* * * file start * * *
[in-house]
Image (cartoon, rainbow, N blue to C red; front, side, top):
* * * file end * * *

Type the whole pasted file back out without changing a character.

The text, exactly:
[in-house]
Image (cartoon, rainbow, N blue to C red; front, side, top):